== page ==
The Cardigans @ O2 Academy, 6th December 2018

The Cardigans @ O2 Academy, 6th December 2018The Cardigans @ O2 Academy, 6th December 2018The Cardigans @ O2 Academy, 6th December 2018The Cardigans @ O2 Academy, 6th December 2018The Cardigans @ O2 Academy, 6th December 2018The Cardigans @ O2 Academy, 6th December 2018The Cardigans @ O2 Academy, 6th December 2018The Cardigans @ O2 Academy, 6th December 2018The Cardigans @ O2 Academy, 6th December 2018The Cardigans @ O2 Academy, 6th December 2018The Cardigans @ O2 Academy, 6th December 2018

It’s twenty years since The Cardigans released Gran Turismo, the album that eradicated the kitsch indie pop that the band had been famous for. Despite this being their best selling album, the ticket sales are poor with barely a third of the venue being occupied which means you can get a decent view of the stage easily.

The band enter the stage shrouded in dry ice and begin with Paralyzed. Musically, there is a much harsher edge to the song with an industrial churning to enhance the variations that exist within the track. Nina Persson’s sweet vocal style adds to the contrasts that are taking place with her striking stature and black attire.

The catchy electro pop beat of Erase/Rewind illustrate the sultry nature of Persson as she prowls round the stage with a hint of Cat Woman about her, suggesting an aloofness as she lyrically pours out her heart break. The sound is tremendous and the additional weight provided by all of the instruments gives the songs another dimension that allows for them to feel less dated.

Hanging Around allows for new guitarist, Oskar Humlebo, to make his mark with a superb guitar solo that embellishes the sinister key changes towards the end of the song which clearly impresses Nina who encourages the audience to clap along. Again in Marvel Hill, the guitar and the bell reiterate the intriguingly disquieting vibe which is juxtaposed with Persson’s innocent vocal line. The bright white lights fly around the stage as if to represent bolts of lightning whilst Oskar creates scratching sounds that unsettle the listener.

The ominous nature is broken dramatically with the introduction of My Favourite Game and Persson reappears wearing a cape. This is surely one of the greatest pop songs of the late 90s with its simple yet gritty riff that sees the audience start to move and illustrates the potential Persson and Svensson have as song writers, as this is certainly the strongest track from their back catalogue. Lagerberg’s precise drumming and Johansson’s underlying keyboard drone push the driving aspect of the track which is over all too soon.

Persson announces that Do You Believe hasn’t stood the test of time in the way the rest of the album has, to which I think she is being harsh. There is a dated element to the musical refrain but not overtly and I contemplated this only after Nina had mentioned it. Junk Of The Hearts sees the occasional kick from the vocalist as she encourages the audience to sing along with the chorus and clearly appreciates the feedback.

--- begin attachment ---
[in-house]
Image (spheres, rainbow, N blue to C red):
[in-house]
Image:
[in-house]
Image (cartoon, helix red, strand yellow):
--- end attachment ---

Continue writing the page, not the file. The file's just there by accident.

The instrumental Nil brings the set to a close and the band exit for a brief moment to allow outfit changes. This next part of the set takes on a much lighter air and consists of “a smorgasbord” of The Cardigans back catalogue which became a little tiresome as it didn’t have the grit and dirtiness that Gran Turismo contained and I became overwhelmed by the saccharin. It was interesting to see Persson play the harmonica competently through the countryesque For What It’s Worth and then the vigorous cowbell in I Need Some Fine Wine And You, You Need To Be Nicer.

The encore includes a tribute to the Prince of Darkness with a cover of Black Sabbath’s Iron Man which The Cardigans translated to suit their style resulting in a saucy lounge version that is a million miles away from the heavy sensibilities of Iommi but yet worked. You couldn’t help sensing Humlebo was desperate to let rip and play the riff as it was originally written. Carnival and Lovefool bring the kitsch pop into its full glory which is welcomed by the dwindling audience.

Lovefool has everyone singing along and Persson jokes when she changes the words reminding us that she’s the singer in the band. The final track of the night is 03:45 No Sleep to draw the evening to a suitable close. I can’t help thinking that if The Cardigans had removed a few songs before the encore they would have had a more concise and interesting set. Certainly Gran Turismo sounded marvellous but my attention waned after that and reminded me why I only ever owned one Cardigans album.

Reviewer: Toni Woodward

Photographer: Chris Bowley  

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